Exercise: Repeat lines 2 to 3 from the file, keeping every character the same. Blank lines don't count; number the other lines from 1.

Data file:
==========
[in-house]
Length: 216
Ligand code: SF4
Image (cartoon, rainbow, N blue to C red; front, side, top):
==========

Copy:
Length: 216
Ligand code: SF4